The New York Times this week had an article on smart cars and how one will "soon" be in a showroom near you. It quotes Dr. Sebastian Thrun, a computer scientist who heads up Stanford's Artificial Intelligence Lab, as saying, "Within five years, itâ''s totally feasible to build an autonomous car that will work reliably in several limited domains."
Furthermore, the article says, "In 20 years, Dr. Thrun figures half of new cars sold will offer drivers the option of turning over these chores to a computer, but he acknowledges thatâ''s just an educated guess. While he doesnâ''t doubt cars will be able to drive themselves, heâ''s not sure how many humans will let them."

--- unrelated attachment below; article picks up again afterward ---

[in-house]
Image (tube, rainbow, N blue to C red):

It will be interesting to see what happens when the first smart car crashes into one driven by a plain old human driver and results in a severe injury or death. Will the smart car's software be blamed? Will the argument be that the human driver has to be at fault since the smart car is assumed to be more carefully driven? And will the case be argued by "smart lawyers," a term that seems somehow oxymoronic to me?